The Nebraska swim and dive team’s constant improvement under head coach Pablo Morales has been helped by the team’s recruiting, retention and improvement. With those efforts, the Huskers have been able to build a team which can compete with the top programs. 

In 2018, ranked Nebraska No. 1 in the nation in recruiting, retention and improvement.

The Huskers never rest in recruiting as they start looking for new talent as early as high schoolers’ sophomore years, which is the earliest the team is able to get in contact with athletes under NCAA rules. 

Before getting in contact with the swimmers, associate head coach Patrick Rowan, who also handles recruiting, said they look at the swimmers’ times and that the main part of recruiting starts after that first glance. 

The next step is creating a database where everything can be organized and looked after. The database contains the swimmers that the school is interested in and wants to talk to. 

“Beginning in the summer, going into the swimmer’s junior year, we start to have contact with them, some phone calls and emails to really see if the people we are interested in feel the same way or take a look at us,” Rowan said. 

Once that first layer of communication starts and the Huskers take a look at the grades and times that meet what the Huskers are looking for, Rowan or Morales will try and get their eyes on the swimmer in person. 

In-person, the coaches look to see what the swimmers have to offer, such as seeing if they are a young swimmer with some mistakes that are easily manageable or if the swimmer’s technique can get better, according to Rowan. 

Rowan and Morales also sit down and talk with the swimmer’s coaches because they want to know the other side of the swimmer.

“Seeing if the swimmer does other sports in their free time that takes away from swimming, or if their practice schedules don’t involve two practices per day, little things like that that we want to figure out before going further with any swimmer,” Rowan said.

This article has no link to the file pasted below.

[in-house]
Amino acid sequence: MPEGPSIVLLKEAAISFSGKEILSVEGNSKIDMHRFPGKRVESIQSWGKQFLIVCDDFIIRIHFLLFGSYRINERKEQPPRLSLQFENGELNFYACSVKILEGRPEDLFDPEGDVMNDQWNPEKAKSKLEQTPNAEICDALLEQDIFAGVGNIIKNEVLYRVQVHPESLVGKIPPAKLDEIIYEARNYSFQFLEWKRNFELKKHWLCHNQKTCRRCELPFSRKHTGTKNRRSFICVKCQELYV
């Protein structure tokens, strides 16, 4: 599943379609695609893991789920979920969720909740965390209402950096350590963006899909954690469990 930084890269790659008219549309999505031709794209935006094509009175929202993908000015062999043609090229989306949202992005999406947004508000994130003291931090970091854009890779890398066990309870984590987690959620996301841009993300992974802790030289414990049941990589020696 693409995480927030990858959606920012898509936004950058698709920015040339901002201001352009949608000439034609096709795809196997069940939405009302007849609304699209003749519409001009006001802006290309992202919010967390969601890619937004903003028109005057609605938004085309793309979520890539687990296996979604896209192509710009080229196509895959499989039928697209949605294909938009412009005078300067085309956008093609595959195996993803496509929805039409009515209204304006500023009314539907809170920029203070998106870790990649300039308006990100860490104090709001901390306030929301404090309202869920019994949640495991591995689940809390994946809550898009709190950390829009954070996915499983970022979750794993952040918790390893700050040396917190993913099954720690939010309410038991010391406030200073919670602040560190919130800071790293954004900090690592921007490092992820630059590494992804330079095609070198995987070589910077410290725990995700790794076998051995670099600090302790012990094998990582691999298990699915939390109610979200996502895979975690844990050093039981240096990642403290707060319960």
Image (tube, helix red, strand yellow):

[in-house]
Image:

Rowan said that he looks for two main things, a good streamline and great kicking, because those are two of the most fundamental areas that a swimmer has to get down. 

Another thing Rowan likes to do is interview them and ask them some questions they may not have heard before so he knows they aren’t just going to say what he wants to hear.

One of the main ways to get a commitment from an athlete is through the campus visit. Rowan said he likes to be in touch with the swimmer four or five times before bringing up a potential visit. 

“Getting a chance to know one another, getting to know the parents as well because they are a main factor in the decision as well,” Rowan said. “Making sure that we can get everyone involved in the process before visiting so then when the time comes, everyone feels the same way.”

During the official visit, the swimmers will stay with other swimmers on the team to see if they will fit with the team and vice versa. Along with the time spent with the other swimmers and the contact with Rowan, the Huskers will look toward what they call their “big hitter” to seal the deal on the swimmers coming to Nebraska.

“No matter what, to end off the visit, I will have the swimmer sit down one-on-one with Pablo, with his amazing background and the success that he is growing here, he will tell you what you are going to have to put in here and what we are expecting,” Rowan said. 

Once those foundations are set, it’s time for the swimmer to start making their decisions.  Rowan said he likes to keep in contact with the swimmers at least once a week to check up and see how everything is going in that process.  

Along with communication, Rowan said he tries to update his list as much as he can, making sure he didn’t miss a swim the swimmer had or see if someone not on the list popped up and could be a potential recruit. 

Another part of recruiting that makes everything easier is being honest with the swimmers and hoping they are honest back, according to Rowan. 

“We have to be honest with the spots we have left or the scholarship money that we can offer or if we don’t feel like it would be a great fit because we hope they are the same way with us,” Rowan said.

Improvement and retention come in once the swimmers are on the team, because if the swimmers are improving, they are likely becoming happy and want to stay, according to Rowan. 

Rowan and Morales both said they want to bring in the best swimmers but also bring in swimmers that will fit with the team. 

“Being able to come into a place that I was sure of yet and be with the girls and the coaches and feel like this is my new home was the only feeling I had once I started here at UNL,” junior Madison Coughlen said.